o, now I have read your posting carefully. But then another question arises. What is the statement of variational problem you are solving? You have the functional ##q(\cdot)\mapsto A[q(\cdot)]##, ok. In which class of functions ##q(t)## you differentiate this functional ##A##?

Well, I use the usual physicist's sloppyness (which is also applied in d'Alembert's principle and all other principles of mechanics). I just assume the the functions are "sufficiently smooth". Then you apply the usual (sloppy) way to vary the action but take into account the nonholonomous constraints on this variation using Lagrange multipliers.

Here's a paragraph on the difference between the correct d'Alembert and vaskonomic problem from Bloch's book (which is marvelous, as far as I can say from the little I read in it):

I did not mean to nitpick. I will also hold the sloppiness. General statement of the conditional extremums finding problem is as follows. Let ##f:X\to\mathbb{R}## stand for a functional of a vector space ##X##. The space ##X## may be infinite-dimensional. And there is a manifold ##M\subset X##. We shall say that a point ##x_0\in M## is a conditional extremum of ##f## iff ##d g(x_0)=0##, where ##g=f\mid_M:M\to\mathbb{R}.##

If you apply this concept to our case: $$f(x)=\int_{t_0}^{t_1}L(x,\dot x)dt,\quad M=\{x(t)\mid \langle c(x),\dot x\rangle=0,\quad x(t_i) --\mathrm{fixed}\}\qquad (**)$$
then you will have the vaconomic statement.

The statement
$$\int_{t_0}^{t_1}\Big(\frac{d}{dt}\frac{\partial L}{\partial \dot x^k}-\frac{\partial L}{\partial x^k}\Big)\delta x^kdt=0,\quad \langle c(x),\delta x\rangle=0\qquad (*)$$ gives the equations of classical mechanics, but this is not a problem on finding conditional extremums, it is just d'Alembert's principle in the integral form. So it is called in Bloch's book and it is correct. In general the solution ##x(t)## to problem (*) is not an exteremum of problem (**). It is an extremum to problem (**) if only the constraint ##\langle c(x),\dot x\rangle=0## is holonomic. LL sound like that they still apply the Hamilton variational principle just with several additional constraints that is incorreect: equation (*) is the D'Alambert principle it does not reduce to Hamilton's one.

To summarize this, roughly speaking, (**) does not imply (*)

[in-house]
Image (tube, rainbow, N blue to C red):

Ok, then it's semantics. You can call it d'Alembert's principle in integral form. The only thing I wonder about is, how do we know, in the case of nonholonomic constraints, which principle to apply. Both principles are equivalent for holonomic constraints, and obviously every source claims that d'Alembert's principle is the correct description in the case of nonholonomic constraints. In the paper of Zampieri it's shown that the vakonomic treatment of the problem of a skater on an inclined plane leads to quite strange solutions, which is not the case for d'Alembert's principle and thus it is argued that the d'Alembert principle of virtual displacement is the correct treatment. On the other hand, in the book of Bloch there are whole chapters about the vakonomic dynamics. So I wonder, why one should consider them at all, if it's known to be the wrong description? I guess, one should only warn students against the use of vakonomic mechanics and then stay with good old d'Alembert.

moreover, vaconomic problems do not have uniqueness of solutions in some sense. I am not an expert in vaconomic, I have just heard that vaconomic problems appear in the control theory.

Sure students should be aware about these stumbling blocks. But I believe that these things a very beautiful and fundamental and it is good to discuss them in lectures. It is also good to discuss the Frobenius' theorem in this context I guess.
Variational principles are useful for example to prove that the double pendulum has very many periodic trajectories. Anothe interesting thing is that the problems (*), (**) help to define a weak solution to the dynamical equations, this leads to pretty things in the theory of collisions